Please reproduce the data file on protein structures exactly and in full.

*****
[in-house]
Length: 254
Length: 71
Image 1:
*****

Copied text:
[in-house]
Length: 254
Length: 71
Image 1: